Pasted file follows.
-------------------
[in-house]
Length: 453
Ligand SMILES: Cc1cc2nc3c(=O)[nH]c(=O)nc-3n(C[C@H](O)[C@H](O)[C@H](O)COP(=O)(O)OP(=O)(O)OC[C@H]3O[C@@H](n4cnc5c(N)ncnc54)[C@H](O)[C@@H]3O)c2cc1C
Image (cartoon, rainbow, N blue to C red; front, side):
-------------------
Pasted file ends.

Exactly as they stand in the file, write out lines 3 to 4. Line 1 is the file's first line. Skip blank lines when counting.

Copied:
Ligand SMILES: Cc1cc2nc3c(=O)[nH]c(=O)nc-3n(C[C@H](O)[C@H](O)[C@H](O)COP(=O)(O)OP(=O)(O)OC[C@H]3O[C@@H](n4cnc5c(N)ncnc54)[C@H](O)[C@@H]3O)c2cc1C
Image (cartoon, rainbow, N blue to C red; front, side):